The editorial board of the Hartford Courant, Connecticut’s only state-wide newspaper, waited patiently until a penalty hearing jury brought in a finding that Joshua Komisarjevsky must die by lethal injection before getting into print, only hours later, an editorial demanding the abolition of the state’s death penalty.
The editorial is only incidentally related to the case at hand, and very likely portions of it were written long before a jury of his peers decided that Mr. Komisarjevsky should be executed. It is an all-purpose declaration, suitable in every death penalty case, a suit of argumentation that will fit any body of evidence.
For instance, the editorial points to “endless reviews and appeals,” not at all uncommon in death penalty cases, and laments that both Mr. Komisarjevsky and Steven Hayes, earlier condemned to death by a different jury for the same crime, the murder of three women in Cheshire, “are more likely to die of old age before they are executed.”
This is true enough. There are a number of people on Connecticut’s death row whose seemingly endless appeals have so far have forestalled their execution. The gap between the commission of a murder in Connecticut, a trial, a second penalty phase trial and the execution of a death sentence is uncommonly long, bridged by seemingly endless appeals. The paper asks whether these “agonizing and expensive trials accomplish anything?”
The answer the paper is angling for is – No. Since the capital felony process in Connecticut can be subverted by seemingly endless appeals, the state should throw up its hands, concede that its death penalty is unworkable, and abolish a procedure that is unworkable, expensive, immoral and inherently unjust. The death penalty is unjust, according the editors of the Hartford Courant, because it is rooted in revenge and subject to misapplication.
Most of these objections are all purpose caveats. Each one of them begins to collapse once they are applied to the Komisarjevsky-Hayes case.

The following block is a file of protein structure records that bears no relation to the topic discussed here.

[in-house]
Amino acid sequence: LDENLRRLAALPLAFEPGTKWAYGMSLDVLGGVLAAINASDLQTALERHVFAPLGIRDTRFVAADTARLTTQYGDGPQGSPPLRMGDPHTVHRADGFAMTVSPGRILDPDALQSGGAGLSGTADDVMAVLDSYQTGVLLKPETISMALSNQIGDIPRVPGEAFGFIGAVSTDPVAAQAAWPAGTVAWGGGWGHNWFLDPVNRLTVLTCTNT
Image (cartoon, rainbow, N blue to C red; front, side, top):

There is no question of a misapplication of the death penalty in the Komisarjevsky-Hayes multiple murder case. There is not a single member of the editorial board of the Hartford Courant who could argue persuasively before a jury of third graders that either Mr. Komisarjevsky or Mr. Hayes did not commit the crimes of which they have been accused. And while it may be argued that somewhere in the world the death penalty is even now being misapplied, that datum simply has no bearing on the Cheshire murder case.
The notion that the Komisarjevsky jury, which returned a verdict of guilty and later found in a separate penalty hearing trial that the multiple murderer should suffer execution, was motivated by vengeance is a howler that even a shameless comic would hesitate to drag on stage; this kind of special pleading, bordering on demagoguery, just ain’t funny. Vengeance, as a general, rule is swift and inexpensive; it dispenses with costly trials and retrials. Vengeance does not empanel juries to decide questions of innocence or guilty. It does not resort to penalty hearing trials. It is emotional and not deliberative. It occurs most often out of the presence of juries, judges, defense attorneys and prosecutors. These processes bear no relation to murder, and people who argue that the death penalty appropriately applied is “judicial murder,” some of them lawyers, do not understand the meaning of the word “murder” or the word “judicial” or the word “is.”
“When the U.S. Supreme Court reinstated the death penalty, it was with the hope that it could be administered impartially,” Courant editors write. “There is much evidence that this hope has not been met.”
Connecticut has executed two people in the last fifty years. Where is the evidence in either case that the death penalty in Connecticut has been administered in a partial, unjust manner? There is no such evidence.
Once the baby is thrown out with the wash water, the baby is irrecoverable. We are to abolish the death penalty because opponents of the death penalty have been successful in so prolonging the gap between non-vengeful conviction and the application of death sentences as to make capital punishment expensive and harrowing for the family victims of multiple murderers such as Komisarjevsky and Hayes. This is the real argument against capital punishment in Connecticut.
Abolition proponents who are legislators have yet to tell their constituents what punishment they would recommend in the case of a convicted murder serving a life sentence who commits a second murder in prison, or whether they think a terrorist who successfully kills hundreds of people should be spared the indignity of a non-vengeful and just public execution.
Someone should ask them.